I can’t say it was ever healthy or consistent. I’m not sure who’s fault that is, I suppose both of ours in all fairness. We both had multitudes of shit to deal with, and I thought we had each other to lean on. It was starting to work. But then he ghosted.

I exposed myself entirely, only to realize I was standing alone.

It was a feeling unlike any other. I had started to expose my affection, along with those disturbingly dark aspects of myself that only a select few ever get to see. (Lucky them.) I let him see who I truly was, and after some close observation he decided, “nah, I’m all set.”

I completely shut down. He didn’t want me, and I accepted that. He wanted his space, and I gave that to him. Against all of my instincts to try to engage him and drag it out, I let him go. But the damage was vast, uncommon ground. I’ve never felt this before. And instead of trying to immediately fill the void, I closed it off entirely, refusing to let it suck me in.

I shut down romantically and sexually, but opened up in other ways.

In a way, it was liberating. For this first time ever in my life, I was alone. No involvement with anyone sexually or emotionally. And I’m strangely okay with it. I see it as an opportunity. An opportunity to truly get to know myself, an endeavor I’ve been voyaging for years, but always with a co-pilot. Now I’m alone in the front seat, music up, windows down. (I know I’m cross referencing here but this is MY vessel.) It’s only been a few months, but I’ve found that I’m experiencing a few monumental changes due to my solitude:

1.Self-Love

I’ve been trying to implement this for years with fluctuating success. But on some level, I’d measured my self-worth based on my ability to keep lovers interested. Now that no one is in the picture, my opinion is the only one that matters.

2.Refusing to settle

I no longer feel the urge to entertain relationships just to have someone around. Unless I truly feel that it could go somewhere, I just can’t be bothered. I wouldn’t say that I physically have a type, but I refuse to be involved with someone who isn’t driven and hell-bent on bettering themselves. I only want someone who is honest with themselves as well as me, and doesn’t play the victim when things don’t go as planned. Controlling, jealous behavior is laughable. Just get out of here with that.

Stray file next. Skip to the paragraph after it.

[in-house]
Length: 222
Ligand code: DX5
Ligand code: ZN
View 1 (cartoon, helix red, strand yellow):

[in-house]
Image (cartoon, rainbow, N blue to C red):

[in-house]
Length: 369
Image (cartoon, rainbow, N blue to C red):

3.Weaning off of my love/relationship addiction

It absolutely was an addiction. I was filled with so much need that it hurt. Relinquishing that need, letting is fizzle out into nothing is the ultimate freedom. I don’t care to impress anyone. I won’t waste any time on someone just because it’s convenient. I don’t feel the need to sleep with someone just to get laid. I need nothing. I want nothing. I expect nothing.

4. Direction/Inspiration

Relationships are distracting, and toxic relationships are even more so. They demand so much of your time, and require you to put so much focus on someone else, that you end up forgetting yourself. You are all you have in this world, so don’t sell yourself short.

I’m taking this solitude as an opportunity to really focus on my goals and devote myself to them. No distractions, no demands, just dreams and the art of pursuing them.

5. Freedom

All of the previous points equate to this one goal. I got no strings to hold me down. I do what I want, when I want, without having to endure investigations, passive-aggressive comments, or unnecessary guilt. I can stay in bed looking a mess, binge watching terrible television while stuffing my face with disgusting food without judgment. And most importantly, I am free from need and attachment. I have myself, and that’s all I require to get me through.

 

I’m by no means trying to say that I’m done with love or men or lovers. But I don’t feel that panic that many single women my age have succumbed to. I’m not worried about being alone forever. I know that’s just not a reality. I’m a capable, loveable, endearing young woman and one day I’ll meet my match. But until then, I will continue to learn and love being alone.